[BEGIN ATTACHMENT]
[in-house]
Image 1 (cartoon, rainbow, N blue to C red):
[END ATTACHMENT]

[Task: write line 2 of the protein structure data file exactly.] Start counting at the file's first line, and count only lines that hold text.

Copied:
Image 1 (cartoon, rainbow, N blue to C red):